The positive changes in market conditions are largely due to insurers having improved the profile of their portfolios, an improved claims position and increased competition.

It is important to note that where a company’s risk controls are still not perceived as adequate or where there has been claims activity, insurers interest remains limited and with an expectation of further premium increases.

In terms of self-insured retentions, these have also stabilised. Those adopted by an increasing percentage of clients renewing in Q3 have been seen by insurers as adequate and, in some cases, insurers have been willing to provide alternative retention options/structures.

Policy coverage

Insurers remain focused on systemic risk issues and we have started to see different approaches emerging as they seek to address this.

One leading insurer is introducing a Catastrophic Cyber Event sub-limit to address issues arising from cloud service providers, operators of essential services and computer operating systems. This will take effect from 1 January 2023, and will be focused on sub $1 billion revenue companies where they feel they have the greatest aggregate exposure.

Another global insurer is using a materially lower ‘widespread’ impact sub-limit as their threshold. As such, WTW’s coverage specialists team believe this less client-friendly than the ‘Catastrophic’ impact threshold. Sub-limits and/or coinsurance are not yet mandatory (but are offered for premium relief) for widespread events.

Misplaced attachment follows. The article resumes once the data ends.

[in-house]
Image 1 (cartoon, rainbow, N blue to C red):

We are continuing to monitor War and Terrorism exclusions very closely. A market bulletin was issued by Lloyd’s of London (“Lloyd’s”) on 16 August, which outlined its minimum requirements with respect to nation state cyber-attack exclusions. Our recent client bulletin1 explores the impact of that bulletin on standalone cyber policies.

Insurers continue to utilise ransomware coinsurance and/or sub-limits where they are not satisfied that a client’s security controls meet the insurer(s) own minimum standards. However we are seeing increasing flexibility from insurers and in some cases we have been able to remove ransomware restrictions where relevant key controls have improved.

Key tip: Coverage broking (supported by specialist product teams) in respect of the nuances of a cyber placement is as important as core placement broking and can take a significant period of time to complete.

Claims and notifications

From our WTW Cyber Claims analysis report – Turning Data into Insight we have seen cyber claim notifications reduce in volume (not impact), having increased year-on-year since 2014.

With the ever increasing trend of ransomware incidents involving data exfiltration, increasing numbers of claims will have a ‘tail’, addressing the liability and/or regulatory exposures that manifest months or years after the initial response/business impact – an example of the data exfiltration trend can be found in the Coveware 2022 Quarterly Report2 noting that 86% of ransomware cases involve a threat of leaking exfiltrated data. In addition Crowdstrike report an 82% year-on-year increase in ransomware-related data leaks in their 2022 Global Threats Report3.

The cost of data breach claims has reached an all time high as detailed in the IBM Cost of a Data Breach Report 20224.